Piet Borst, Ph.D. professor, staff member and director emeritus
About Piet Borst
Experimental work in the Borst lab
The experimental work in my lab ended in 2015. Since the ongoing
projects were rather successful, they are being continued by former
collaborators. I remain involved as adviser and, on the side, I
remain active as reviewer, mentor, and lecturer on bio-ethics.
Mechanisms of anti-cancer drug resistance in mouse
In collaboration with Jos Jonkers (NKI-AVL), we have studied
resistance mechanisms in 'spontaneous' breast tumors arising in
mice, conditionally defective in p53 and Brca1. This project was
started in my lab by post-doc Sven Rottenberg and is continued by
him (as PI) in Bern (Switzerland).
Recent developments in this project have led to two
- The Volume-Regulated Anion Channel (VRAC) acts as an entry port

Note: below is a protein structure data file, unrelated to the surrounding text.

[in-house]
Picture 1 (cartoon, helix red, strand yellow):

of cisplatin and carboplatin into the cell. (In collaboration with
Thomas Jentsch, Berlin; and Thijn Brummelkamp, NKI). Loss of
functional VRAC leads to modest platinum-drug resistance.
- Continuing work on resistance to PARP inhibitors, led to the
discovery that loss of PAR glycohydrolase (PARG) can
cause PARG resistance. This mechanism can also occur in cells
deficient in BRCA2, which are unable to (partially) restore
homologous recombination, a resistance mechanism prevalent in
cells deficient in BRCA1.
Physiological functions of ABC
We are interested in mechanisms of drug resistance in cancer cells
and have focused on resistance caused by increased ATP-dependent
transport of drug out of the cell, mediated by ATP-binding cassette